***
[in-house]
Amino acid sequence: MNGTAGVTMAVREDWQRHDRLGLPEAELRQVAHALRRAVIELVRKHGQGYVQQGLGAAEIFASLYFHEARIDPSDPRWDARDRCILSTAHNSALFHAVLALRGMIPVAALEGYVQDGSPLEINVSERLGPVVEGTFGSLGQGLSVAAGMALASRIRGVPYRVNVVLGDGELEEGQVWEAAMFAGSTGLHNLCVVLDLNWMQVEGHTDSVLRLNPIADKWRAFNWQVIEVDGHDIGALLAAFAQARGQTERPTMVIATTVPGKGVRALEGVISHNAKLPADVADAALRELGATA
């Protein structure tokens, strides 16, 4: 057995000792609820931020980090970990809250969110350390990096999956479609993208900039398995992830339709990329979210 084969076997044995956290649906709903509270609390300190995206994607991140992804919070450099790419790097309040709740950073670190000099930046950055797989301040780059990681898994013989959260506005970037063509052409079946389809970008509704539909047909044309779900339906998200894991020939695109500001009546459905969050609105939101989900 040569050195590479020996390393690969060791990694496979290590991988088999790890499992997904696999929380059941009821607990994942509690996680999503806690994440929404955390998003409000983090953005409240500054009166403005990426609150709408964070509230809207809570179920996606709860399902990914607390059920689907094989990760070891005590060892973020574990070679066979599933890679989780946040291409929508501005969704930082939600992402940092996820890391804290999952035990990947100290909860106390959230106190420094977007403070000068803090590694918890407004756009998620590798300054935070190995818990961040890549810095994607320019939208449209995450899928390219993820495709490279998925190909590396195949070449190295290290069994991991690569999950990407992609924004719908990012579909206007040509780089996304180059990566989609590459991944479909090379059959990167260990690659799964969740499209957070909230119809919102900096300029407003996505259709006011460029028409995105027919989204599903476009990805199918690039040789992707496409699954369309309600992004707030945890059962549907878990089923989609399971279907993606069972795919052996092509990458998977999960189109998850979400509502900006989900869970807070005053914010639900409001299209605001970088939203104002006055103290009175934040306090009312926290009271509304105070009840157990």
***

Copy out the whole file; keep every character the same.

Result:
[in-house]
Amino acid sequence: MNGTAGVTMAVREDWQRHDRLGLPEAELRQVAHALRRAVIELVRKHGQGYVQQGLGAAEIFASLYFHEARIDPSDPRWDARDRCILSTAHNSALFHAVLALRGMIPVAALEGYVQDGSPLEINVSERLGPVVEGTFGSLGQGLSVAAGMALASRIRGVPYRVNVVLGDGELEEGQVWEAAMFAGSTGLHNLCVVLDLNWMQVEGHTDSVLRLNPIADKWRAFNWQVIEVDGHDIGALLAAFAQARGQTERPTMVIATTVPGKGVRALEGVISHNAKLPADVADAALRELGATA
């Protein structure tokens, strides 16, 4: 057995000792609820931020980090970990809250969110350390990096999956479609993208900039398995992830339709990329979210 084969076997044995956290649906709903509270609390300190995206994607991140992804919070450099790419790097309040709740950073670190000099930046950055797989301040780059990681898994013989959260506005970037063509052409079946389809970008509704539909047909044309779900339906998200894991020939695109500001009546459905969050609105939101989900 040569050195590479020996390393690969060791990694496979290590991988088999790890499992997904696999929380059941009821607990994942509690996680999503806690994440929404955390998003409000983090953005409240500054009166403005990426609150709408964070509230809207809570179920996606709860399902990914607390059920689907094989990760070891005590060892973020574990070679066979599933890679989780946040291409929508501005969704930082939600992402940092996820890391804290999952035990990947100290909860106390959230106190420094977007403070000068803090590694918890407004756009998620590798300054935070190995818990961040890549810095994607320019939208449209995450899928390219993820495709490279998925190909590396195949070449190295290290069994991991690569999950990407992609924004719908990012579909206007040509780089996304180059990566989609590459991944479909090379059959990167260990690659799964969740499209957070909230119809919102900096300029407003996505259709006011460029028409995105027919989204599903476009990805199918690039040789992707496409699954369309309600992004707030945890059962549907878990089923989609399971279907993606069972795919052996092509990458998977999960189109998850979400509502900006989900869970807070005053914010639900409001299209605001970088939203104002006055103290009175934040306090009312926290009271509304105070009840157990």